Have you checked your consumer                         unit recently?

For the past year we have had to install new consumer units that have been manufactured in a non-combustible enclosure rather than the older plastic casing.  If you have recently had yours replaced you may have noticed they are made with a metal casing or have been enclosed in a metal cabinet.

If you have not, but have heard about this you may be wondering why they have changed the rules regarding the materials used to produce these units and what does that mean for me? 

Intent of the New Regulations

 

Common sense would tell us it is a fire safety precaution, and it is. The plastic cased consumer units can melt should a fire start from within the unit and dripping molten plastic can set fire to all those things we tend to pile in the cupboard, or under the stairs, spreading the fire fast.

Investigators have found these fires can start from poor installation and/or lack of maintenance to the units. Electrical supply can generate some serious heat if it develops a fault and if the cupboard or area surrounding the consumer unit is covered with household items, coats, storage boxes, appliances etc, these could cause the heat to rise quickly and a fire break out. East Sussex Fire & Rescue service attends approximately 40 fires a year involving consumer units. This change to regulations will not stop the fires, but will stop them spreading so fast by containing the fire within the metal casing.

I have a plastic consumer unit!

 

Now, what does this mean if you have only had yours replaced a couple of years ago? If you are a landlord, you will know that you are required to have an EICR (Electrical Installation Condition Report, formerly periodic inspection) every 5 years and this may be a concern as you would assume this would come up as a failure due to the new regulations.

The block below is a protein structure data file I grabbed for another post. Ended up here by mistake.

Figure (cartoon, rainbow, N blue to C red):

Worry not, it will be picked up, but it has been advised that this would be marked as a ‘C3’ which means ‘Improvement recommended’ if it is located under a wooden staircase or directly within a sole route of escape, it would not fail your property as unsafe.

 

Domestic homeowners are recommended to have their property tested every 10 years, and again it would come down to a C3 code, unless it is deemed unsafe or the regulations change again.

You can improve the safety of your plastic consumer unit by:

 

  • Keeping the area around your electrical intake clear of combustible material.     

 

  • If housed in a cupboard - to keep the door closed.

 

  • Ensure you have an adequate number of correctly sited and working smoke detectors and know your escape plan.

 

  • Contact a qualified electrician (we know a good one!!!) if you have any reason to suspect damage or a fault in your electrical intake equipment.  

 

If you have any questions regarding your consumer unit, please do not hesitate to give us a call, we are more than happy to offer our expertise and advice.

Any questions?

Tel: 01323 766765

Emergency contact number: 078111 85482

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